Lippert wins Dem line with thin margin

Timothy Lippert

The Enterprise — Michael Koff
Timothy Lippert waves a flag at the 2021 Memorial Day parade. Lippert, a Democrat, is the winner of the 2021 Berne Democratic Primary for a vacant town board seat.

BERNE – The Albany County Board of Elections has verified the results of the Berne Democratic Primary, confirming Tim Lippert as the party nominee for an open town board seat, despite an unusual surge of absentee voter support for his opponent. 

Anita Clayton got nearly five times the absentee votes that Lippert got. Both are Democrats.

Clayton, currently Berne’s town clerk, was already nominated by the Conservative Party when votes were cast in the Democratic primary on June 22. She is expected to have GOP backing for the board post in November.

The race is to fill a vacated seat, currently held by an appointed Repubican, Leo Vane Jr.

Lippert ultimately received 199 votes, while Clayton received 184, a difference of 15. Early results, which included all in-person votes but not absentee ballots, showed Lippert with a 2-to-1 lead over Clayton, but Clayton then received the vast majority of absentee votes.

Albany County Board of Elections Democratic Commissioner Kathleen Donovan told The Enterprise this week that, after counting absentee ballots, the board added 18 votes to Lippert’s initial total of 181, and 94 to Clayton’s initial total of 90.

Last November, Matthew Clyne, then the county’s Democratic commissioner, since replaced by Donovan, told The Enterprise that paper ballots almost always reflect the counts in electronic voting.

“Paper ballots reflect the machine vote,” he said. “They break down in the same proportion.”

There may be a rare exception, he said, in a small town or village election where there has been a write-in campaign.

With paper ballots left to count, Clyne said, candidates often think, “We’re still in it. Anything goes.”

Actually, Clyne said, “We’ve never seen anything like that.”

It’s unclear why Clayton received so many more absentee votes than in-person votes, but Berne Democratic Party Chairman Kevin Crosier told The Enterprise that Berne Highway Superintendent and Albany County GOP Chairman Randy Bashwinger had dropped off near the number of ballots that Clayton received at the county board of elections.

Bashwinger works a second job at the board of elections.

When soliciting an absentee ballot, voters can designate a messenger to deliver the ballot on their behalf. 

When asked about why there were so many absentee ballots naming Clayton, Bashwinger told The Enterprise in a text that he was “not sure” and pointed to the preponderance of absentee ballots submitted in support of Democratic candidates nationwide during last November’s general election, when the ongoing coronavirus pandemic was a larger threat in the United States and reactions to it more politicized. Very broadly speaking, left-leaning voters were more likely than their right-wing counterparts to view the pandemic as a legitimate concern and take advantage of ensuing protective measures, such as automatic qualification for absentee voting.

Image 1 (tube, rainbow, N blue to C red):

Ultimately, the closeness of the Berne primary results triggered an automatic recount of the ballots, Donovan told The Enterprise, which was completed on June 28.

The Berne Democratic Committee and the Democratic slate each wrote letters to the Enterprise editor this week congratulating Lippert.

“We would like to thank the voters for endorsing Tim Lippert as their Democratic candidate in the June 22 primary … He listens to constituents, researches issues, and keeps the needs and desires of the community as the centerpiece of his efforts. His past and current experience working within government has laid a strong foundation for those efforts,” wrote the Democratic Committee.

In a short letter printed in the same edition, Clayton wrote, “First, I would like to thank all the residents who supported me in this primary election. I appreciate your kindness and support.

“I will forever be grateful to my mother for instilling in me the values and morals to always tell the truth, own your mistakes, stand up for yourself and others around you, and never compromise who you are, even under adversity.

“Lastly,” she said, “I would like to offer my congratulations to Mr. [Timothy] Lippert. He is a good soldier and he will serve his masters well.”

Clayton was elected as town clerk on the Democratic line, but has fallen out with her party, ostensibly because of the nature of her candidate interview with them earlier this year, which she perceived as hostile. She claims she was asked to denounce the Republican-backed administration running the town.

Democrats are the majority in Berne, with 809 enrolled voters. The three other parties have a combined total of only 667 enrolled voters — a 55-to-45 split. The Republican party has 495 voters, the Conservative Party has 115, and the Working Families Party has 57. 

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